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Web Portals 'Should Strike Right Balance'
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What occurs in the virtual world has a strong influence on the real world so Internet media operators as well as surfers should be aware of the consequences and be more responsible.


That was the message delivered by officials and experts attending the 2006 Forum on Internet Media of China which opened Thursday in the capital of Yunnan Province.


"The Internet media should play a bigger role in promoting social harmony," said China's Vice Minister of the State Council Information Office Cai Mingzhao.


He listed a number of problems associated with the Net in the country including online fraud and gambling and the spread of obscene and false information which "poisons the environment for the Web's development and harms the credibility of Internet media."


Citing figures from the Illegal and Malicious Information Reporting Center, which was set up by the Internet Society of China in 2004, Cai said residents had about 350,000 complaints of which nearly two-thirds related to obscenity and pornography.


"Internet media operators should run their websites according to the law," Cai said. "They should also conscientiously shoulder their social responsibility by providing healthy and lawful information and building credibility."


Min Dahong, a senior Internet researcher who has followed the Web's expansion in China since the country was first wired in 1994, said offensive online behavior had drawn widespread attention. It included explicit violent acts such as torturing a cat to death and invasion of privacy.


"This has greatly upset people," Min said. "For the sake of healthy development of the Internet, users need to strike a balance between freedom and obligations."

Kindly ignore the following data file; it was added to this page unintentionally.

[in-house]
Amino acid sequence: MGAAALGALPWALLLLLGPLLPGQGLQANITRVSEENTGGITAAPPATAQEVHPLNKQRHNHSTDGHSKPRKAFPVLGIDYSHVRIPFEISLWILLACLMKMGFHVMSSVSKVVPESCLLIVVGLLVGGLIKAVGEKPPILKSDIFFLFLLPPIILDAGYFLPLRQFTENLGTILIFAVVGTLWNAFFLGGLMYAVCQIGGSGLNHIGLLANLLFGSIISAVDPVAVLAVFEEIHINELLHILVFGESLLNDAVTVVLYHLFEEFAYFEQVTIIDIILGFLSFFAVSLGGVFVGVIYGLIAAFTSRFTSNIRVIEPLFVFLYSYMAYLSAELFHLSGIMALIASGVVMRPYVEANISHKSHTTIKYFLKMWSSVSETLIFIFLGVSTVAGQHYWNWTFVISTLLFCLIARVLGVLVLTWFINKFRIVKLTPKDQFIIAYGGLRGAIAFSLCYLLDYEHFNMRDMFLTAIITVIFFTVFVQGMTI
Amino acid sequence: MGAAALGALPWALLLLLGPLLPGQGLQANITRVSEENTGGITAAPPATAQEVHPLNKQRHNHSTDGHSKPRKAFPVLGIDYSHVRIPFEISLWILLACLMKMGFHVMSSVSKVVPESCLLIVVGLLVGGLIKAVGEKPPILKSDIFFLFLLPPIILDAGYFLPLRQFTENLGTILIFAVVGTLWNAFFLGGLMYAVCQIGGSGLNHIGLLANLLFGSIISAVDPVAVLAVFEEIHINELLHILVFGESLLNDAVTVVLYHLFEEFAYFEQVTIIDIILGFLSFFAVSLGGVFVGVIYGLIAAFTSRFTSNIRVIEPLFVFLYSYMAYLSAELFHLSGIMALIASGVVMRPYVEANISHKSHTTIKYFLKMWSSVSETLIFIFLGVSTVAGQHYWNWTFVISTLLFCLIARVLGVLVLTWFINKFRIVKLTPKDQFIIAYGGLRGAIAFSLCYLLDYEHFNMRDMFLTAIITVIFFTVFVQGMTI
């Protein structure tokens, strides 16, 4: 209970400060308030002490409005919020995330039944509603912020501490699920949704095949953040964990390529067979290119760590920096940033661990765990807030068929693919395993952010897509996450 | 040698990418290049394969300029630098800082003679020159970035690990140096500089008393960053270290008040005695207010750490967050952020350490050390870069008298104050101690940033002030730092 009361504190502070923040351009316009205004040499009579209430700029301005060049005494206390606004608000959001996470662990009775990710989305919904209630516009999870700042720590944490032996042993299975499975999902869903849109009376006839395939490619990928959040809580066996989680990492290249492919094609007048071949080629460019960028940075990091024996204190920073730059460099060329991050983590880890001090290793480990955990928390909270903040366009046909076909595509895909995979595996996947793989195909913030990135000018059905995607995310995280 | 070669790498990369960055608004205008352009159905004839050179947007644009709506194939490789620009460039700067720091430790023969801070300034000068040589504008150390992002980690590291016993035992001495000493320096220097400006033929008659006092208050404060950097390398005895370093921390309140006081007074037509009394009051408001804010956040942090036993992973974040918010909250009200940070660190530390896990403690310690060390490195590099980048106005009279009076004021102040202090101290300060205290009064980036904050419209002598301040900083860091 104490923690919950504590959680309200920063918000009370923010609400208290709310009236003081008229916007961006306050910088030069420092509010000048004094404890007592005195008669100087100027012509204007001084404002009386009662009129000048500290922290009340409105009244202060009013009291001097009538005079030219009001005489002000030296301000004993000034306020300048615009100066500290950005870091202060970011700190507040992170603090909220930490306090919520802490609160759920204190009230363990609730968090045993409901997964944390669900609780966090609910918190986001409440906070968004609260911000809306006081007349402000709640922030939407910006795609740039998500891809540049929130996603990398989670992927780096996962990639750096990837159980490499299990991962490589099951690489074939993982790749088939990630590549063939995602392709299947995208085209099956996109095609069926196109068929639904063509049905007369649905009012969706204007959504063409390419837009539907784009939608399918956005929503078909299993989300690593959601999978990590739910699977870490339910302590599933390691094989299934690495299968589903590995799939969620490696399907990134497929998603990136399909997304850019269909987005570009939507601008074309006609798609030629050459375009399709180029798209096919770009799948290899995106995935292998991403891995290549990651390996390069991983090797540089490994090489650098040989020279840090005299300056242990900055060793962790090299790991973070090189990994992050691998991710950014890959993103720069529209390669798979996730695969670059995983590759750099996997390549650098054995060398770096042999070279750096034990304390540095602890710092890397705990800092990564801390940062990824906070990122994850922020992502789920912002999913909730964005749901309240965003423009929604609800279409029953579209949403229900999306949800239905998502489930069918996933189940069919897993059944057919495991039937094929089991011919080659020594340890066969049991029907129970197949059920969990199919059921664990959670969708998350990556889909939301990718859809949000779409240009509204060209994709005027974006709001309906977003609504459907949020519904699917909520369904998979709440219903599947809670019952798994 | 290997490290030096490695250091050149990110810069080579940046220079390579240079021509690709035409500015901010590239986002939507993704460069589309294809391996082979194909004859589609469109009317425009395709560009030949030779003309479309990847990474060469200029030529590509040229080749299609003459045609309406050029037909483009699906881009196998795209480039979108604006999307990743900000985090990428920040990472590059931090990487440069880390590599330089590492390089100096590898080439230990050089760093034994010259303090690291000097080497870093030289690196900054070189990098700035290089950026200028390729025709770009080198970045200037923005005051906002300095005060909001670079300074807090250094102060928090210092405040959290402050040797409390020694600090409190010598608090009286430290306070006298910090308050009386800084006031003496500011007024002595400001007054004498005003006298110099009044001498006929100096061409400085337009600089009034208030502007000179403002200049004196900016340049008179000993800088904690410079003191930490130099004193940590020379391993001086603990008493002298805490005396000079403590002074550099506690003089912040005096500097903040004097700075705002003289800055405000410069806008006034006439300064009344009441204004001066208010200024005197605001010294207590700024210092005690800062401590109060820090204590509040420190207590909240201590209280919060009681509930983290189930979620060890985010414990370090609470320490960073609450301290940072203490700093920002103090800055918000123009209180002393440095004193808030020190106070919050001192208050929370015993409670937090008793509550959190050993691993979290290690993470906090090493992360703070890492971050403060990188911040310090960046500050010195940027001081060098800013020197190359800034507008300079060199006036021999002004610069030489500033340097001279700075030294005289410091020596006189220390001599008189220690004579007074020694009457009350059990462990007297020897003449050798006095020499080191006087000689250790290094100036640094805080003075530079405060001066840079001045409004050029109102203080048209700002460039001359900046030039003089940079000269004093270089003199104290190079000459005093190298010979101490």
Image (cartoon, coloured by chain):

Vice-Minister of Information Industry Xi Guohua said at the forum that just as "society needs management and regulation so do the Internet and information networks. The purpose of management and regulation is for promoting the Web's further growth rather than impeding it."


The number of netizens in China was reported to have reached 123 million at the end of June and the country will soon surpass the United States to become the world's largest Internet user. After securing nearly 100 percent telephone penetration in most villages the country was striving to ensure that every township has access to the Internet in the next five years, Xi said.


China Daily Editor-in-Chief Zhu Ling told the opening ceremony that since cyberspace was very open and free it was more challenging to build harmony online rather than offline. He urged Internet media to take their social responsibility seriously and contribute to the healthy development of society.


Nearly 300 participants from at least 100 news websites, Web portals and service providers at the annual forum also discussed how traditional media can co-exist with new media and how innovation in technology and services can facilitate further expansion of the Internet.




(China Daily December 1, 2006)

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